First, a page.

Many emergency services departments have some type of CISD in place now. However, are we willing to take advantage of it? Are we too macho to admit that it hurt to see that 4 year old child who didn't make it across the street, or the 18 year old boy who didn't survive the car wreck? I think that too often we are afraid to let ANYONE around us crack so we just remain silent and hold it in. Most of the time, just being abloe to express your true feelings is enough. Well, this is another place that WE should be able to air our feelings...and with a certain degree of privacy. Don't hold back, brothers and sisters. You're among family-the emergency services family!
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02-27-1999, 10:04 AM #1ccc530Firehouse.com Guest
Critical Incident Stress Debreifing
02-27-1999, 10:24 AM #2Sunflower_FD_21Firehouse.com Guest
In the dual role of Chaplain and Rehab Officer I have the opportunity to deal with "stress" every tme I hand a firefighter a cup of Gatorade or a snack bar or just sit on the tailgate of the Rehab vehicle and "listen" with a caring heart and ear. Since I am on the scene in turnout gear, I am able to "identify" with the firefighters.
Firefighters indeed face a great deal of stress and need to "get rid" of it.
We have just established a Critical Incident Stress Management Team made up of trained "peers" ... the team will be called on as local fire command and/or county fire coordinator sees the need.
02-27-1999, 04:20 PM #3nsfirechapFirehouse.com Guest
A lot of times we(I) too often think of critical incident stress debriefings for "the big ones" All too often I have overlooked the day to day struggles that firefighters face-not any more. The day to day pressures are often overlooked but they are the ones most prevalent. I'm speaking from my own experience as an Air Force firefghter. The normal pressures put quite a strain on a previous marriage and on my own mental
health at times. One thing I've found that helps me do my job as Chaplain is I try to visit the stations as often as possible if nothing else just to listen to what ever the firefighters want to talk about. Despite what some folks think we are not supermen and women, just normal folk with normal human being emotions doing an extraordinary job. God bless you all that endeavour to help.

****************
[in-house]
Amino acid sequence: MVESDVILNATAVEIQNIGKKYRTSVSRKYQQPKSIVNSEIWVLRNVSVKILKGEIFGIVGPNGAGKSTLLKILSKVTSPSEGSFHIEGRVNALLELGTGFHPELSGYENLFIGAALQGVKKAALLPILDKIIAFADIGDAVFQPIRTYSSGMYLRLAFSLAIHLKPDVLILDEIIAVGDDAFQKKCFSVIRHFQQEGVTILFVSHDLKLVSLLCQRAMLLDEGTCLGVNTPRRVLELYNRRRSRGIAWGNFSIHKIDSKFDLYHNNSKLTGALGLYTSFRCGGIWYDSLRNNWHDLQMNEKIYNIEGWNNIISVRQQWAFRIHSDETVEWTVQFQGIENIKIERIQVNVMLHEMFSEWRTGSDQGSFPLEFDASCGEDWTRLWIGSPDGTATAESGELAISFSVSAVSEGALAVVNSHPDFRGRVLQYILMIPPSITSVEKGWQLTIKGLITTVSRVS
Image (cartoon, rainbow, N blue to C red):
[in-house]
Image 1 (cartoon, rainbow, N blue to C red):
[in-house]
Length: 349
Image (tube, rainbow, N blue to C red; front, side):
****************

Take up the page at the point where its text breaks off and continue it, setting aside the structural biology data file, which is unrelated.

[This message has been edited by nsfirechap (edited February 27, 1999).]
02-27-1999, 11:46 PM #4Sunflower_FD_21Firehouse.com Guest
I agree that "listening" is important ... sometimes that's all a person needs ... they already know the answer ... they just need someone who will listen with a caring, concerned, interested ear.
I've also discovered that it's often the accumulation of small things that add up to lots of stress ... then comes a big stress and trouble is at hand.
I try to listen, listen, and then share an encouraging word ... I've also found that "appreciation" is often in short supply ... the community expects the firefighters to be there when needed, but often forget to say "thank you!"
03-01-1999, 10:07 PM #5sgt128Firehouse.com Guest
I would have to say that CISD has really helped the Fire Service in the past few years.
Virtually unheard of until Oklahoma City, I think that it has become an asset to most departments.
I personally saw it become useful after seeing an MVA where the driver lived, but his 15 and 16 year old friends were killed in the car..
The responding crews had an average age of around 20 that night. This made it hard for everyone as being in a tight community, the people in the car were known by many on the scene.
The CISD response was availible for those who needed it, but not forced, so it worked out nicely.
God Bless All!
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